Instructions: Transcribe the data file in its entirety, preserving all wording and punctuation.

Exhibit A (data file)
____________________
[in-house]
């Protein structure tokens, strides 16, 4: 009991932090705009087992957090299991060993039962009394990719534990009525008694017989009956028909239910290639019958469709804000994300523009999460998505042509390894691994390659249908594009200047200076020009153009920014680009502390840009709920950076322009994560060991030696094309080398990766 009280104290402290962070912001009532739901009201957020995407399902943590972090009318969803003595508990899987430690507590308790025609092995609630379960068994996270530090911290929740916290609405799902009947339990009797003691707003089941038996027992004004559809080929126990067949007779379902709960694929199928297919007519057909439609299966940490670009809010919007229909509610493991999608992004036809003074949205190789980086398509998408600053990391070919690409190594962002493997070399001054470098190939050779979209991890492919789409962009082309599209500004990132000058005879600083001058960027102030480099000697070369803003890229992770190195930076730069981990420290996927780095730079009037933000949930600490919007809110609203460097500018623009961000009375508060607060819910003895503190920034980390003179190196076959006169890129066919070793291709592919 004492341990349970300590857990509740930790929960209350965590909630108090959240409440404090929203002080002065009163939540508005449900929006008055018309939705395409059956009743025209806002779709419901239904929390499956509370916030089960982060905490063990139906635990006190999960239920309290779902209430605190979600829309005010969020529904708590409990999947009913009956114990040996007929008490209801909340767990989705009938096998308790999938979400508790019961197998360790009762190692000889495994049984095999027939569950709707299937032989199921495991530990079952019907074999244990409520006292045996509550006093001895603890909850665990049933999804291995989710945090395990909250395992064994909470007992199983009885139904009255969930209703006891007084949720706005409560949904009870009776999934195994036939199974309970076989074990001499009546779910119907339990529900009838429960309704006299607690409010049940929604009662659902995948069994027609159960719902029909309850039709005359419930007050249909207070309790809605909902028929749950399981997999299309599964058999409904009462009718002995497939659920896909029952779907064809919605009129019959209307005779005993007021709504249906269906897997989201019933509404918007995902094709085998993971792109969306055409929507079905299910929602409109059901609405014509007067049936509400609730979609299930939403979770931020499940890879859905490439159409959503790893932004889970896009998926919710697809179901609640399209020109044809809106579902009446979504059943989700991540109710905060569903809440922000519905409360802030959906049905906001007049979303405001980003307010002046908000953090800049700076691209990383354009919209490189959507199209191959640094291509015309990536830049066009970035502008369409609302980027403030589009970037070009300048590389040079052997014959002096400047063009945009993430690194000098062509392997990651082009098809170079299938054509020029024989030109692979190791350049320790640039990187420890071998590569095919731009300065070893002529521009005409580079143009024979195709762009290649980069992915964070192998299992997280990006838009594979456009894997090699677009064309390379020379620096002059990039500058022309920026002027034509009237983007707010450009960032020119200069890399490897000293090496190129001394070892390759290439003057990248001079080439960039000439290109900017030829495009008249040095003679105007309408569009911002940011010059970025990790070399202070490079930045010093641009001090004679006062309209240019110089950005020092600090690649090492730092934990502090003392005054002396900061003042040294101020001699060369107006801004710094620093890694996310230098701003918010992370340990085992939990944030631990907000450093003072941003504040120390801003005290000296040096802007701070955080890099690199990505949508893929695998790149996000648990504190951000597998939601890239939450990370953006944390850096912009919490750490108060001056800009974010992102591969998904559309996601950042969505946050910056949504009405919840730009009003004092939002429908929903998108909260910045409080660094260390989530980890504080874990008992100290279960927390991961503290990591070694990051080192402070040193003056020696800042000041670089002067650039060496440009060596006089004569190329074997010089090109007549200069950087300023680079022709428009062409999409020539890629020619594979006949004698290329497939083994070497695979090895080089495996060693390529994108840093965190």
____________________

[in-house]
């Protein structure tokens, strides 16, 4: 009991932090705009087992957090299991060993039962009394990719534990009525008694017989009956028909239910290639019958469709804000994300523009999460998505042509390894691994390659249908594009200047200076020009153009920014680009502390840009709920950076322009994560060991030696094309080398990766 009280104290402290962070912001009532739901009201957020995407399902943590972090009318969803003595508990899987430690507590308790025609092995609630379960068994996270530090911290929740916290609405799902009947339990009797003691707003089941038996027992004004559809080929126990067949007779379902709960694929199928297919007519057909439609299966940490670009809010919007229909509610493991999608992004036809003074949205190789980086398509998408600053990391070919690409190594962002493997070399001054470098190939050779979209991890492919789409962009082309599209500004990132000058005879600083001058960027102030480099000697070369803003890229992770190195930076730069981990420290996927780095730079009037933000949930600490919007809110609203460097500018623009961000009375508060607060819910003895503190920034980390003179190196076959006169890129066919070793291709592919 004492341990349970300590857990509740930790929960209350965590909630108090959240409440404090929203002080002065009163939540508005449900929006008055018309939705395409059956009743025209806002779709419901239904929390499956509370916030089960982060905490063990139906635990006190999960239920309290779902209430605190979600829309005010969020529904708590409990999947009913009956114990040996007929008490209801909340767990989705009938096998308790999938979400508790019961197998360790009762190692000889495994049984095999027939569950709707299937032989199921495991530990079952019907074999244990409520006292045996509550006093001895603890909850665990049933999804291995989710945090395990909250395992064994909470007992199983009885139904009255969930209703006891007084949720706005409560949904009870009776999934195994036939199974309970076989074990001499009546779910119907339990529900009838429960309704006299607690409010049940929604009662659902995948069994027609159960719902029909309850039709005359419930007050249909207070309790809605909902028929749950399981997999299309599964058999409904009462009718002995497939659920896909029952779907064809919605009129019959209307005779005993007021709504249906269906897997989201019933509404918007995902094709085998993971792109969306055409929507079905299910929602409109059901609405014509007067049936509400609730979609299930939403979770931020499940890879859905490439159409959503790893932004889970896009998926919710697809179901609640399209020109044809809106579902009446979504059943989700991540109710905060569903809440922000519905409360802030959906049905906001007049979303405001980003307010002046908000953090800049700076691209990383354009919209490189959507199209191959640094291509015309990536830049066009970035502008369409609302980027403030589009970037070009300048590389040079052997014959002096400047063009945009993430690194000098062509392997990651082009098809170079299938054509020029024989030109692979190791350049320790640039990187420890071998590569095919731009300065070893002529521009005409580079143009024979195709762009290649980069992915964070192998299992997280990006838009594979456009894997090699677009064309390379020379620096002059990039500058022309920026002027034509009237983007707010450009960032020119200069890399490897000293090496190129001394070892390759290439003057990248001079080439960039000439290109900017030829495009008249040095003679105007309408569009911002940011010059970025990790070399202070490079930045010093641009001090004679006062309209240019110089950005020092600090690649090492730092934990502090003392005054002396900061003042040294101020001699060369107006801004710094620093890694996310230098701003918010992370340990085992939990944030631990907000450093003072941003504040120390801003005290000296040096802007701070955080890099690199990505949508893929695998790149996000648990504190951000597998939601890239939450990370953006944390850096912009919490750490108060001056800009974010992102591969998904559309996601950042969505946050910056949504009405919840730009009003004092939002429908929903998108909260910045409080660094260390989530980890504080874990008992100290279960927390991961503290990591070694990051080192402070040193003056020696800042000041670089002067650039060496440009060596006089004569190329074997010089090109007549200069950087300023680079022709428009062409999409020539890629020619594979006949004698290329497939083994070497695979090895080089495996060693390529994108840093965190």